When Losing a Home Means Finding Happiness

By Christina Davidson

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"I went from living in a 4900-square-foot house to living in this 29-foot trailer," Michael Babins tells me as we're chatting in the living room slash kitchen slash dining area of the Prowler Regal he has called home for the past nine months. "And to tell you the truth, I am totally content right now."

Until their move to the Hi-Ho RV Park in Glenn Heights, Texas, Michael and his wife Lisa had lived in Las Vegas for eighteen years. The couple bought a house in the late 1990s for $155,000. With two incomes, two kids, five dogs, and a beautiful home, the Babins led an ostensibly idyllic life.

One day almost five years ago, Michael started chatting with his next door neighbor--a man planning a host of home improvements with money he had just received by refinancing his mortgage. The Babins could scarcely believe that their neighbor's nearly identical property had been assessed at more than $350,000, until they got their own comparable estimate.

Suddenly, dozens of refinancing invitations arriving in the mail every week no longer looked like junk. Each one could hold a passport to financial freedom. The Babins could not see the financial enslavement lurking just behind the glossy brochures and fast-talking mortgage brokers. It was as if the noxious gases inflating the housing bubble had seeped into the couple's rational mind, infecting them with a Panglossian outlook.

"We never thought the price of our house would come down," Michael admits sheepishly. "We just didn't see an end to the market."

One finance company offered them a 110% return on their equity with a three-year fixed interest rate that was 4% lower than that on their original loan. The broker insisted they could always come back to refinance again if interest rates spiked after the arrangement shifted to its adjustable phase. So they signed the papers, increasing the burden of their debt to $300,000.

Michael just shakes his head in resignation while recounting those fevered days in Vegas, when it seemed like mortgage brokers handed out six-figure loans as flippantly as casinos did free cocktails. "When you dangle a carrot in front of a donkey's nose, he's gonna follow it. That's what happened to us," he explains.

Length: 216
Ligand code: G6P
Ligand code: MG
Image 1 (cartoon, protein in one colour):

He freely admits they should have proceeded more cautiously in refinancing, but still can't shake the feeling that lax regulations permitted unscrupulous brokers to lure them into a kind of legal scam. "We never should have qualified for a loan that high with how much we made. We shouldn't have been offered it. But also, we shouldn't have taken it."

Michael and Lisa devoted most of the money to home improvements, never imagining they would end up simply walking away from the investment within a few years. Fortunately, the extra money also financed the purchase of a 29-foot Prowler Regal they now call home.

In late 2007, an oppressive shroud of recession began to settle over their lives, tightening the noose they had walked into so blindly. With the refinancing funds already depleted, the Babins felt the full burden of their monthly mortgage payment just as rising energy prices had utilities and gasoline consuming a larger portion of their budget. Interest rates were going up; property values were going down. There were no refinancing options available as their mortgage approached the shift to an adjustable rate.

The home refinanced at its peak market value had dropped back down to its purchase price from the late 1990s. As the mirage vanished, they could finally see that the luxurious $350,000+ house they had reveled in was actually little more than a cosmetically-adorned version of the $155,000 place they bought a decade ago. And they still owed more than a quarter million dollars on it. The choking crush of reality grew almost unbearable.

By this point their kids had grown and moved out to start their own lives, so Michael and Lisa had been considering relocation closer to their native Oklahoma. Forty-seven homes displayed foreclosure signs within a three-block radius, so they clearly couldn't sell their house and make a calculated move. But when Michael received an offer for a managerial position at a Dave and Buster's in Dallas, Texas, they didn't have to consider so much as they had to start planning.